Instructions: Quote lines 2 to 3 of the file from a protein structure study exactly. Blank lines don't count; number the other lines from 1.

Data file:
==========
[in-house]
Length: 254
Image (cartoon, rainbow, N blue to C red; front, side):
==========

Length: 254
Image (cartoon, rainbow, N blue to C red; front, side):